Ellen Page...I am such a huge fan of hers, but what a flat, hammy performance she puts on, and what an empty character she plays in this movie. As others have pointed out, the sole purpose of her character in the movie is to ask questions about the plot that the audience has in mind. That's it.

For a brilliant architecture she's supposed to be, she's not really that smart. She's all like, "Oh my god! Cobb tells us not to do certain things, and then he does them himself! Oh my god!" or "These aren't your dreams! These are your memories!!! You're trying to keep her alive!", it sure took you long enough to figure that one out! Woah, people who lost loved ones trying to keep them alive in shocking!!

Many people have pointed out that the dialogue in the sucks. Here's an example which I'll quote from A D Jameson's brilliant criticism of the movie "17 ways to criticize Inception. Here's the link if you want to read it, it's a very long read:

Here's the exerpt from his blog:

The worst example comes late in the film, during the assault on the snow fortress-hospital. Cobb finally starts gunning down random bad guys, and Nolan interrupts the action to have Ariadne cry: “Are those projections part of his subconscious?“

(How has Ariadne forgotten this basic principle, one of the first things that Cobb explained?)

Cobb coolly replies, “Yes” (probably thinking, “I should have explained this two more times to her”).

Ariadne then cries: “Are you destroying those parts of his mind?“

Now, this is a fine question to ask, while they’re three dream states deep, and hours into a perilous mission (which followed weeks and weeks of planning).

But: “No, no,” Cobb assures her (and therefore the audience) “—they’re just projections.”

…What is this dialogue doing here? Why did Nolan find it necessary to write, and shoot, and edit in this exchange?

My guess is that the following conversation occurred during pre-production:

WARNER BROS. STUDIO EXEC: You have Cobb shooting and killing projections here. It’s really the first time in the film, in fact, that he’s killed any of them.

NOLAN [distractedly—he's busy planning an explosion]: Mm-hmm.

WARNER BROS. STUDIO EXEC: Well, the audience might think now that he’s a bad guy—that he’s destroying Fischer’s memories, or something. (Cillian Murphy’s eyes are rather blue, and rather soulful.)

NOLAN: …I hadn’t thought of that. [Puts down his models, thinks a second.] It’s OK. I’ll throw in some dialogue that clarifies he’s not doing any harm.

That’s Nolan’s solution to nearly every writing problem: throw in some dialogue!


Of course I have to mention the storyline involving Dicaprio and his wife, which is actually really dark and could have been done well, but...doesn't really work. The first time I saw this movie, I couldn't figure out why I had no emotional attachment whatsoever to this storyline.

Second time watching it, it was even cheesier. Dicaprio seeing his wife show up in a dream and being like, "No! You're not real!" brought back memories of Lui Kang in Mortal Kombat being like, "No! You're not my brother"

Here's a really funny blurb from the satirial script I mentioned above:



LEONARDO and ELLEN find CILLIAN, but also encounter MARION.

Leonardo, stay here with me. I know I’m just a figment of your imagination, but I’m all you’ve got.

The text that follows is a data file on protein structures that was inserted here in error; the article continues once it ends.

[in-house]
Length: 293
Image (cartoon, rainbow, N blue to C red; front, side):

My entire memory of you is as a vindictive, mean-spirited, violent, self-centered pile of bitch. Christ, why did it take me the entire movie to stop giving a shit about you? Fuck off.

And now that you’ve finished risking the lives of your only friends in the world for the sake of a little catharsis, we can finish the mission!

You’re right! We’ve got an innocent person’s memories and relationships to completely ruin!

This blurb points out why it doesn't work. All you see of his wife is this mean bitch who loves to go around stabbing and shooting people. Why should we give a shit about her?

They even give her cheesy horror movie pop up music when she sees Ellen Page invading Dicaprio's dream space.

Dicaprio's character...what a selfish piece of shit for risking all his friend's lives just so he can be with his kids. "Oh yeah, I forgot to tell you that you're so heavily sedated that if you die in the dream, your brain and turn into mush and you can spend eternity in limbo. Whoops. My bad. Forgot to tell you that. But, somehow I know how to get out limbo, while the rest of you don't."

Inception is an entertaining movie and despite how much I've been shitting all over the movie in this blog, I still do like it. It is a better than your average Hollywood blockbuster, but calling it one of the best movies of 21st century is absurd. Saying that this movie is mind blowing is also absurd. Maybe if I had never seen movies like: Eternal Sunshine of the Spotless Mind, Waking Life, The Matrix, Dark City, and The Cell (which are all way better movies at exploring alternate realities) my mind would be blown. I think even South Park's Imaginationland trilogy and Superjail's episode about dreams were more mind blowing and creative.

Finally, if you haven't seen the hilarious parody at college humor, check it out:

Black Swan
Rating: ***1/2

Black Swan is a good movie, but it's the weakest effort to come from Darren Aranovsky. After seeing the movie show up on just about every critic's top 10 list, I expected more. This ballerina could be the most 1 dimensional character ever directed by Aronovsky. A psychological mind fuck this movie is not.

To quote this review from Soergel:

"For all of Natalie Portman's impressive angst as a tormented ballet dancer, all you need to know is that she's sexually repressed, sleeps only with the big stuffed bunnies of her childhood, and that her creepy ex-ballet dancer mother (Barbara Hershey) still tucks her in at night."

To add in my 2 cents, she then trips crazy balls for the 2nd half of the movie. I guess the scene of her accidently taking crazy amounts of LSD got cut.